How one theme park inspired a creative writing project

March 29, 2020, 7:44 PM · If you’re as frequent a visitor to theme parks as I am, you probably think you understand them pretty well: the systems, the rides, and all the little hacks we adopt that give us a sense of ownership of these spaces.

But is there a side we miss out on? Can art show us something new about theme parks?

The Liminal Residency is “an alternative writers’ retreat which takes place in a range of neglected and unusual spaces,” assembling teams of writers to create works in response to these locations. I stumbled across it a while ago, but their most recent project in particularly caught my eye - Alton Towers, the biggest theme park in the UK.

The Liminal Residency

The resulting book is fascinating and full of unexpected, playful and moving responses to a place I thought I knew well. The majority of pieces take the form of short prose, exploring a variety of perspectives on how theme parks can define key moments in our social development and shaping our lives.

If you’re a regular to a site like this, you probably don’t need me to convince you of the inherent artistic value of great theme parks. But the book got me thinking about how rare it is to see work like this about themed attractions - to have one form of art respond to a very different one. So I got in touch with co-founder Krishan Coupland, who spoke with me about the project, their ambitions, and what he learnt in the process of making it happen.

Ben: Could you tell me a little bit about yourself and the Liminal Residency project?

Krishan: I never really know what to say about myself normally. But I write things, sometimes I write little interactive things, all sorts of things. I do a whole bunch of projects that are all basically related to writing, and the Liminal Residency is one of those.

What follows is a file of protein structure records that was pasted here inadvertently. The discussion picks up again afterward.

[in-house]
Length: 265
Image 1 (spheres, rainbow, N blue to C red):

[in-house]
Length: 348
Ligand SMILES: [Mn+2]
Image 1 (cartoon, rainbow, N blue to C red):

It's me and Elouise Shepherd who organise all of the residencies. We work with different people for each project and have different experiences brought into each one. We just try to be as open as possible in terms of who we bring along, what happens on the residency and what we end up doing.

Ben: Had you worked with some of those writers before?

Krishan: No, I'd never met any of them!

Ben: Oh wow! That's quite a big thing to jump into with a group of strangers: “here we are at Alton Towers putting a book together.”

Krishan: It was very strange, yeah. They were incredibly patient with what was a very strange weekend. I proposed Alton Towers because I worked there for a brief period of time, and I found it an absolutely fascinating place that has a lot of neglected spaces as part of it, and contains a multitude of different spaces. We wandered into the towers themselves, which I think some people were a little bit nervous about because you don't know if you're supposed to be in there or not!

The group
Krishan (second from left) with participants of the Alton Towers residency group

Ben: Can you tell me more about how the weekend of the residency worked?

Krishan: We were very lucky to get Arts Council England funding for the project - so we could all stay on-site in one of the hotels and use their conference centre as well, which was incredibly useful. We all arrived on the Friday, said hello to each other, had a bit of a wander. On the Saturday we spent the day in the conference room, in the hotels and in the peripheral areas of the park. And on Sunday we spent most of the day in the park and took turns each to lead a session.

The sessions were everything from a writing exercise, to a Vision Quest, to engaging with the landscape in an unusual way. It could be anything the writer wanted to do – they would lead the group through that for an hour or two.

In terms of facilitating during the residency, it was pretty useful to have worked there. I knew my way around the resort pretty well and knew how to get to some interesting bits of it; my role during the residency was largely, you know, the guy who used to work there.

Ben: What did you do when you worked there?

Krishan: It was my first job out of university. I worked as a porter in the hotel, and then I also briefly worked on the games team.

Toilet Block

Ben: I assume the writers all had different approaches; how did that all fit together?